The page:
Of course its good to write *something* but a philosophical journal can't really consist in starting a new book every day and chucking in the towel at midnight.

So I guess I have to be writing something else as well.

What would that be (I can chew it over here I guess).

We start with a formalistic positivism, the things which we can really nail down are those which are formalisable, mathematics or formalisable mathematical theories about the contingent world (models). When you look into it this domain has a fuzzy boundary and this is of course an interesting, and not necessarily a thin, boundary. So the semantics of set theory and difficult questions about large cardinals and cardinal arithmetic lie in here, together with the question of whether and how set theory might be universal, and if not what else is there.

Parenthetically I observe here that what I am doing is identifying problems. That the positivistic element involves being able to tell a good problem from a bad one, but this should not involve labelling hard problems as bad. Possibly the philosophically most interesting problems are interesting precisely because the problem (not the solution) is hard to pin down.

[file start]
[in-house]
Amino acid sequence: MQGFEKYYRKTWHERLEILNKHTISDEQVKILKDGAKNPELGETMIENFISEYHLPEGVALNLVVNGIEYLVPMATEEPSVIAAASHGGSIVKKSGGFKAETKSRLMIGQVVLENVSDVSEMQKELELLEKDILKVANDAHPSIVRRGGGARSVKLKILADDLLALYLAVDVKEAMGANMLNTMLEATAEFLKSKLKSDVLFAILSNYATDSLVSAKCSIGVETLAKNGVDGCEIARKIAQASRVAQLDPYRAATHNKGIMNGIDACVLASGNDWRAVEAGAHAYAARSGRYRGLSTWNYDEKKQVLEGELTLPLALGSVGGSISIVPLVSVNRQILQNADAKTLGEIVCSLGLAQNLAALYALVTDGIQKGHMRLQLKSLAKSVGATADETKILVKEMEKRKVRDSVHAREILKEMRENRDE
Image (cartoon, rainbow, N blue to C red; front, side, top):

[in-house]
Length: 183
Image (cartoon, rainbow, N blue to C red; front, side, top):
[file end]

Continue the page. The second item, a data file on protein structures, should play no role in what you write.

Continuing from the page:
When I started out, wanting to "write", I was trying to write about things like politics and economics. I gave this up in search of something less speculative. But, positivist though I might think myself, speculation is where I belong.

Now back then I had this idea that speculation was a complement to skepticism. Logically skepticism about the necessary admits speculation about the possible. I don't know that this somewhat academic point ever connected materially with what I wanted to say about politics, economics and morals (say) but in those days I didn't think of myself as a positivist.

So here's the generic problem, as it were. In subject matters howsoever uncooperative: \begin{itemize} \item what can be done with formality? \item what else is there to be done? \item how on earth can one hope to do it? \end{itemize}